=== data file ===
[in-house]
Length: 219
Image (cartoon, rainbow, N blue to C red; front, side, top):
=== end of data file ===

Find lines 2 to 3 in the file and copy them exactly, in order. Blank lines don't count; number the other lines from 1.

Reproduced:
Length: 219
Image (cartoon, rainbow, N blue to C red; front, side, top):